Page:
The next lesson came from his father, "Paddy" Keough, whose knowledge of sports had won him a Cadillac on the 1950s game show "The $64,000 Question." He shared his sports knowledge with his younger son while enjoying St. Louis League soccer matches at Sportsman's Park, during the Browns and Cardinals' off-season.

He recalled being no more than 9 or 10 when he joined his father for their regular Sunday outings; at the time, he never imagined that he would one day play at Sportsman's Park.

Mr. Keough would also become an outstanding fast-pitch softball player and competitive swimmer, but soccer would be his lifelong love.

Harry Joseph Keough was born Nov. 15, 1927, growing up during the Depression on Vermont Avenue near Carondelet Park, just a stone's throw from Blow School and his first soccer field. He graduated from Cleveland High School in 1945. A year later, he won his first U.S. soccer title as a member of the St. Louis Schumachers, one of the many sponsored soccer teams in a city that enjoyed a time as the soccer Mecca.

Even military service did not deter his play. During two years in the Navy, he played for the San Francisco Barbarians, a formidable West Coast team. Upon returning to St. Louis from the Navy in 1948, he played for Paul Schulte Motors and McMahon Pontiac, during which time he qualified for the U.S. World Cup team. When he returned from the World Cup, he rejoined his team, renamed the St. Louis Raiders.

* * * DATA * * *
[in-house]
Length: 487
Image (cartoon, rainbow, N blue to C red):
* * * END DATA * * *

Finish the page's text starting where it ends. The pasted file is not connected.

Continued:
Following the 1952 season, Kutis Funeral Home took over sponsorship of the team and renamed it St. Louis Kutis Soccer Club. The Kutis team dominated soccer locally and nationally, winning the National Amateur Cup six consecutive years from 1956 to 1961, and one U.S. Open.

"Harry was the driving force behind Kutis, probably the best team in the U.S. in the '50s," said Lange. "He was the player-coach of that team."

In all, Mr. Keough won eight national titles as a player, five NCAA national championships as a coach and became something of a celebrity for his role in the U.S. World Cup victory.

He continued to play and coach for Kutis until he became head coach of the men's varsity team at St. Louis Community College at Florissant Valley in 1966, and served for a short time in the same capacity at Harris Stowe Teachers College.

Less than a year later, he got the opportunity to coach the men's soccer team at Saint Louis University, where he developed numerous future stars, including Patrick Leahy, the former place kicker for the New York Jets, and his son, Ty, who became a professional soccer player for the St. Louis Steamers and the San Diego Sockers, a soccer coach for Washington University and a sports analyst for ESPN.